As a species our survival is often based on making decisions that make the most sense for upcoming events and situations. Our ability to understand the seasons played a huge role in agriculture. Our early understanding of the cosmos was a precursor to a more in-depth understanding of physics. We plan for things in our calendars, book vacations based on the temperature, use certain ingredients to enhance foods, and so on.
Virginia's relationship with science started thousands of years ago and still continues to blossom as new ideas create new opportunities in various industries. From engineering to agriculture to computer sciences and beyond, we've seen a lot of minds involved with scientific breakthroughs that took place here at home. So, who are Virginia's Outstanding Scientists? Listen to this Question Your World radio report produced by the Science Museum of Virginia to find out.
The challenge: build a remote-controlled robot that can stack storage totes, place a large recycling bin on top, and grapple with plastic pool noodles that the opposition is scattering across the competition floor.
Trees are some of the most remarkable living things on this planet. For all of human existence trees have provided a backdrop to our lives, home to many of our meals, and even control our atmosphere! So, which trees do the most to make our atmosphere so friendly for our lives? Which trees absorb the most carbon dioxide? Listen to this Question Your World radio report produced by the Science Museum of Virginia to find out.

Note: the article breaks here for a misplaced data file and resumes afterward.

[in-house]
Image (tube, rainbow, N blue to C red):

There’s that indescribable moment right before two people kiss for the first time. This romantic gesture has been a part of our lives for a long time and continues to be the corner stone of emotionally charged experiences and has even been built into various traditions. In this act of romance people exchange comfort and intimacy, but that’s not all that’s exchanged when we kiss. So, what happens when we kiss? Listen to this Question Your World radio report produced by the Science Museum of Virginia to find out.
As years come and go we often look back and reflect on what’s happened that year. This year was an awesome one for science. Let’s look back at what science did in 2014. Listen to this Question Your World radio report produced by the Science Museum of Virginia to learn more.